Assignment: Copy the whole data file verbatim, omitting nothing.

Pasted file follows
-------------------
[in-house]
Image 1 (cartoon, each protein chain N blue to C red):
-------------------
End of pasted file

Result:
[in-house]
Image 1 (cartoon, each protein chain N blue to C red):